For the last ten years, academic and research communities have participated in a global event, Open Access Week, “to learn about the potential benefits of Open Access, to share what they’ve learned with colleagues, and to help inspire wider participation in helping to make Open Access a new norm in scholarship and research.”¹
The theme of Open Access Week 2020 (October 19-25) is “Open with Purpose: Taking Action to Build Structural Equity and Inclusion.”
The Open Access Week organizers explain that:
Openness can be a powerful tool for building more equitable systems of sharing knowledge. Rebuilding research and scholarship to be open by default presents a unique opportunity to construct a foundation that is fundamentally more equitable. Yet today, structural racism, discrimination, and exclusion are present and persistent in places where openness is a core value. As a global community, it is important to understand that the systems and spaces of the present are often built upon legacies of historic injustice and that addressing these inequities is a necessity.²
USF Libraries is committed to equity, equality, diversity, and inclusion, and in June 2020, Todd Chavez, Dean of the USF Libraries, reinforced this commitment when he wrote that “we value knowledge but also the examination and reexamination of the biases that may undergird this knowledge and we listen to and promote unheard voices, stories and experiences of members of our community past and present.” He noted that, in the words of MIT Libraries’ leadership, our library community must “leverage the work, values, and resources of libraries, archives, and university presses as forces for social justice.”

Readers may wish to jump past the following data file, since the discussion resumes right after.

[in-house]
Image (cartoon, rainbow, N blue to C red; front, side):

Since Dean Chavez’s statement, two new open access projects have been created:
The African American Experience in Florida Collections Initiative and Portal
This collection initiative will leverage USF Libraries’ resources and expertise to promote diversity and inclusivity. Through this initiative, Dean Chavez explains that “the consolidated USF Libraries will establish and maintain a collection portal that will provide open access to materials — regardless of format, subject matter or discipline — that advance the conversation around the African American experience in Florida.”
Read how USF Libraries Special Collections in Tampa and St. Petersburg are leading the initiative by identifying both collections and contributors that will facilitate the portal’s development: lib.usf.edu/digital-dialogs/2020/07/14/the-african-american-experience-in-florida-collections-initiative-and-portal/
The African American Experience in the U.S. (AAEUS) Collection
The African American Experience in the U.S. (AAEUS) Collection is a part of USF Libraries’ collection initiative that aims to leverage resources and expertise to promote diversity and inclusivity in support of the Black Lives Matter movement. This collection acts as a survey of Scholar Commons content relating to the experience of African Americans in the United States, providing direct open access to journal articles, theses, and dissertations on this subject. The AAEUS collection is not discipline specific, as its items cover a broad range of academic subjects and research interests. New items that fit the parameters of the collection will be added each year.
To learn more about open access and USF’s open access initiatives, please visit: lib.usf.edu/scholarly-research-and-communication/open-access-publishing/.
¹ SPARC. About. International Open Access Week. http://www.openaccessweek.org/page/about
² Shockey, N. (2020, August 31). Theme of 2020 Open Access Week to be Open with Purpose: Taking Action to Build Structural Equity and Inclusion. International Open Access Week. http://www.openaccessweek.org/profiles/blogs/2020-theme-announcement-english